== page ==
Earned Knowledge, L5, P1

Closing Out The Ancient Era

What we’re calling the ancient era is the period before the great collapse of 1,200 BC. Folliowing that was an intermediate period of breakup and change that ran from 1,200 BC to 800 BC, sometimes called “the dark age of the Greeks.” The time after about 800 BC is what people call Classical Civilization; it was the era of the famous civilizations of Greece and Rome.

All of these dates are approximate, of course. And there were always variations and exceptions.

But before we move into the Classical era, and from there into Western civilization, we need to look at some areas we haven’t examined very closely up till now. It’s important to get a as full an understanding of these people as we can before we move on.

Actual Religious Practice

Religion, of course, has been part of life as far back as we can see, and there are strong reasons for this. One is simply the fact that people die. That makes people question what happens after they die, and from there into questions about the purpose of our lives.

Another thing that drives religion is simply the scope of the universe. The night sky has always presented humans with a mystery. Staring us in the face, every night, is a challenge to guess what’s out there in that immense vastness.

On top of that, a large number of people have had exceptional experiences of one kind or another: when something happened that “shouldn’t have happened” or when they knew something they really couldn’t have known. These are usually called spiritual experiences, and no matter how poorly we interpret them or explain them, they do happen. This also drives religion.

Finally, there is value in believing, just by itself. Believing in something, even if it’s not entirely true, organizes our inner lives, making us more efficient. And if the things we believe are mainly benevolent, belief gives beauty to our lives.

Most of the information we get about religions and practices comes to us from documents religious leaders left behind. But the fact is that religions were never followed precisely. And we can be very certain of this because we have so many records of religious leader complaining about their followers.

This preference for beliefs and practices other than the official or main religion wasn’t a terribly large problem in the ancient days, mainly because new and different religions were tolerated, so long as you practiced the official, city religion as well. Forsaking the city religion and staying exclusively with a new religion was, however, seen as a very large problem. (Again, these being collective religions, save for that of the Hebrews and perhaps the Phoenicians.) Moreover, these religions had no fixed body of sacred scriptures, as religions tend to today.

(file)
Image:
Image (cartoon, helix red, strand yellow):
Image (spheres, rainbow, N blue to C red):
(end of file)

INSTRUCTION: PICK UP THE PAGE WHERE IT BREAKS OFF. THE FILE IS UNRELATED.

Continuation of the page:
The best examples of actual religious practice being different from authorized practice comes to us from the Hebrews, at the end of the ancient period and through the intermediate period. From the time of the famed Exodus (roughly 1,200 BC) and onward, we are given a long string of stories of the Hebrew people going after foreign gods, mostly Phoenician, Canaanite and Semitic. This isn’t too surprising, being that the Hebrews were also Semites, and so were dabbling with the gods of their cousins. Still, it was it was quite contrary to the Israelite religion.

First we see the famous story of coming out of Egypt but demanding that the priest (Aaron) make a golden calf for them to worship. Following that are repetitious warning about serving gods such as Baal, Bel and Ashtoreth.

If the people weren’t sacrificing to those gods in large numbers, no complaints and threats would have been necessary.

And so the Hebrews, for centuries, gave offerings to other gods, whom they hoped would act of their behalf. The religion the Hebrew actually practiced, then, was as much folk religion as the religion of Moses.

Later we see this very dramatically, in the story of a young Judean king named Josiah. In roughly 622 BC, 18 year-old Josiah ordered renovations of the temple and “found the book of the law.” The text (2 Kings 22) goes on to say that Josiah tore his clothes when he heard the reading of the book. Then he gathered all the people to Jerusalem and made them listen to it.

The Josiah story also tells us that both the high priest and the leading scribe were ignorant of the law. And so, even during the biblical period, the Judean people practiced folk religions to a very large extent.

It was during the sixth century BC (600-501 BC) that the Hebrew religion turned into Judaism: a portable religion strongly tied to written text. After that, folk religion began to decline.


On average, people in the ancient era lived shorter lives than we do. That doesn’t mean there were no elderly people (there were), but that many more people died early, usually from diseases and infections.

A lot of young children (from birth to five years) died in the old days, mainly from diseases that are easily cured or prevented now. It was also the case that a simple infection could kill, and sometimes did. But aside from these things – if they somehow avoided them – people could live to be 60, 70, 80 or even 90 years old.


Paul Rosenberg


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